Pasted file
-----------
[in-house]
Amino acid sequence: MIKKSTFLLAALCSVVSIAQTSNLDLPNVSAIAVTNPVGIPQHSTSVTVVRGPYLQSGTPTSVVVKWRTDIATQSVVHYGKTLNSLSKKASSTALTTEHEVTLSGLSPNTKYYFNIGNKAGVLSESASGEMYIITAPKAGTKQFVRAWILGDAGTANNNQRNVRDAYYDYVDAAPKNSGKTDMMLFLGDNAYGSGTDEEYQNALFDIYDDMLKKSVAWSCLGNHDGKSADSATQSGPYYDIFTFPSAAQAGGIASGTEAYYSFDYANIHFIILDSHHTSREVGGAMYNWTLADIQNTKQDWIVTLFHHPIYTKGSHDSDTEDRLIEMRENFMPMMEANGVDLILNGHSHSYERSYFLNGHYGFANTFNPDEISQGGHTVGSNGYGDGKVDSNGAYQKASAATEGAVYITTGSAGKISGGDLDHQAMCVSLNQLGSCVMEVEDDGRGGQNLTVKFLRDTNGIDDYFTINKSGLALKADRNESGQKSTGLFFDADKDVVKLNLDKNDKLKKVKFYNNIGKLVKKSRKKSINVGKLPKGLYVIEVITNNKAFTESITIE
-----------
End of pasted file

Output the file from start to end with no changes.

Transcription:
[in-house]
Amino acid sequence: MIKKSTFLLAALCSVVSIAQTSNLDLPNVSAIAVTNPVGIPQHSTSVTVVRGPYLQSGTPTSVVVKWRTDIATQSVVHYGKTLNSLSKKASSTALTTEHEVTLSGLSPNTKYYFNIGNKAGVLSESASGEMYIITAPKAGTKQFVRAWILGDAGTANNNQRNVRDAYYDYVDAAPKNSGKTDMMLFLGDNAYGSGTDEEYQNALFDIYDDMLKKSVAWSCLGNHDGKSADSATQSGPYYDIFTFPSAAQAGGIASGTEAYYSFDYANIHFIILDSHHTSREVGGAMYNWTLADIQNTKQDWIVTLFHHPIYTKGSHDSDTEDRLIEMRENFMPMMEANGVDLILNGHSHSYERSYFLNGHYGFANTFNPDEISQGGHTVGSNGYGDGKVDSNGAYQKASAATEGAVYITTGSAGKISGGDLDHQAMCVSLNQLGSCVMEVEDDGRGGQNLTVKFLRDTNGIDDYFTINKSGLALKADRNESGQKSTGLFFDADKDVVKLNLDKNDKLKKVKFYNNIGKLVKKSRKKSINVGKLPKGLYVIEVITNNKAFTESITIE